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States More Active Than Congress In Enacting New Gun Controls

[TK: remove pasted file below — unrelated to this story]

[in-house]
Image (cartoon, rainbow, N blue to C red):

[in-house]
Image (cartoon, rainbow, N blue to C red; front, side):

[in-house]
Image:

While Congress has not passed new gun restrictions after public mass shootings in recent years, hundreds of measures have passed in statehouses across the U.S., reports the Washington Post. Since the Columbine High School massacre in 1999, high-profile mass shootings have been followed by a jump in state gun-control laws in the next year or two years, finds an analysis of data on state legislation compiled by RAND. In 2013, nine states and Washington, D.C., enacted more than 40 gun-control laws in the year after deadly shootings in Newtown, Ct., and Aurora, Co. Since the Sandy Hook shooting in Newtown, 165 laws that restrict gun rights and 39 laws that expand gun rights have passed. During that time, only six states failed to pass any form of gun legislation — Indiana, Michigan, Montana, Ohio, Tennessee and Pennsylvania. The data show these new laws mostly come from statehouses controlled by Democrats, typically when a Democrat is also serving as governor. The data also suggest a countertrend. In states controlled by Republicans. Successful campaigns to restrict gun rights have at times set off reactions, which lead to laws that expand the rights of gun owners and chip away at existing gun-control measures. Those laws tend to pass when there is a lull in high-profile mass shootings. The data show how red and blue states in an increasingly polarized nation are taking diametrically opposed approaches to the same core problems, a trend that may be happening in statehouses since the latest mass shootings. At the time of the Buffalo and Uvalde massacres, most state legislatures had already recessed for the year, but at least five active legislatures have substantial gun-control packages under consideration. This month, New York became the first and only state so far to pass gun-control measures in direct response to the mass shootings.



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